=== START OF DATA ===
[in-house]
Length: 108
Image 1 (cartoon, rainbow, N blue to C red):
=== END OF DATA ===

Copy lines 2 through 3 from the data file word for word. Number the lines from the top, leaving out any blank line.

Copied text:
Length: 108
Image 1 (cartoon, rainbow, N blue to C red):